Please note that this article is a follow-on article from two previous articles (Eircom Exposes Its Broadband Customers to Serious Security Risks and Eircom Security – More Bad News and Some Suggested Solutions). The previous articles lay out the problems and some suggested solutions in detail. This article will not repeat those detailed explanations and justifications. I am writing this article with the assumption that readers will have first read the two original articles.

This article starts by presenting the details of Eircom’s response before providing a brief analysis leading to some conclusions. For those of you too lazy to read the whole article, were this to be school I’d give Eircom a passing grade, but not a great one. Say a high D or a low C.

[tags]Eircom, Netopia, WEP, WPA[/tags]

The Response

This article is based on the letter I received from Eircom today in response to the complaint I lodged with them on the 11th of September this year, and the content of their new Wireless security page. Since I’m too lazy to transcribe the reply from Eircom I scanned it in and have included the scans below. Eircom’s new wireless security page can be found at Of particular interest is their new page with instructions to help users Enhance Wireless Security.

Eircom Reply - Page 1
Page 1 – Click to Enlarge

Eircom Reply - Page 2
Page 2 – Click to Enlarge


In my previous articles I raised three problems: the flaw in the generation of the default keys and SSIDs, the use of WEP over WPA, and the lack of a password on the routers. I will look at each in turn.

The Flaw in the default WEP Keys and SSIDs

In summary, there are a number of programs (I’ve seen at least three, a C++ one, a Java one, and a web-based one using PHP) doing the rounds on the net which allow users to get the default WEP key for an Eircom Netopia router from it’s default SSID (name). This means that with a default configuration your network can be trivially entered by an attacker in possession of one of these programs. This problem can be fixed by changing either the SSID or the WEP key or both.

In response to this problem Eircom have issued an advisory on their web page and will be directly contacting their customers. The advisory provides a link to a page with instructions for changing your SSID and WEP key.

This, to me, is an adequate response. Realistically, I don’t see what else Eircom could have done. So, we’ll give them full marks on this one.

WEP rather than WPA

Again just a quick recap. The Netopia routers support two wireless encryption modes, WEP and WPA. WEP has been very badly compromised. WPA is not perfect, but, assuming users use a long random encryption key, WPA provides significantly increased security over WEP. Some older devices and operating systems don’t support WPA.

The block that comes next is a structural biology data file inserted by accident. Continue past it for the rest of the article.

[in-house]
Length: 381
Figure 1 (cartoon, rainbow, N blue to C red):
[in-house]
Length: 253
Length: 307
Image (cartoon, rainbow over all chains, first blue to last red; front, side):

Despite the fact that the Netopia routers supplied by Eircom do support WPA neither Eircom’s old welcome booklet, old install CD, nor old website gave instructions for setting up WPA. In response to my complain Eircom have now updated the instructions on their site to include limited discussion of WPA. Eircom point out that WPA provides more security than WEP but don’t go into the shortcomings of WEP. Eircom will also be updating their welcome pack and their install CD.

This is an adequate response but not a great one. Eircom fell short of making WPA the default or even advising people to use WPA over WEP where possible. There are understandable reasons for this, but it’s still disappointing. I also noticed that Eircom did the smart thing and did some ‘ass-covering’ too:

It is the customers responsibility to ensure that they use a suitable level of security to meet their own individual requirements.

No Password on The Router

If users have set no password on their router it is possible to take it over simply by luring them to a malicious web page. These attacks reply solely on standard JavaScript and are not dependent on any bugs or vulnerabilities. These attacks have been reported in the wild but do not appear to be very common yet. I would guess that they will get more common as time goes on.

Eircom ignored this entire branch of my complaint and have done nothing to address the issue. A great big zero for this I’m afraid.

Some Good Advice Added

I was very pleased to see the following very sensible advice added to the ‘Enhance wireless security’ page on the Eircom site:

If you are not using wireless access, that is, if you are using an ethernet cable to connect your modem to your computer, eircom recommends that you disable the wireless feature on your modem completely.


First and foremost I’m glad to see that Eircom have responded to two of these three issues. The response is not perfect, but it is prompt (considering Eircom is a large corporation) and relatively comprehensive. One of my three issues was addressed as well as could be expected, another was addressed in a reasonable but slightly disappointing way, but the last was totally ignored. Being generous that’s two out of three, though I think one and a half out of three is probably fairer.

If you are an Eircom broadband user with a Netopia modem I would suggest you take the following steps to improve your security:

  • Change you SSID (Update: This is not enough on it’s own, this only deters users of SOME of the key gen programs out there. You MUST change your key too)
  • Switch to WPA with a strong randomly generated key (ideally the full 63 characters logn)
  • Set a password on your router (and write it down so you remember it 🙂 )

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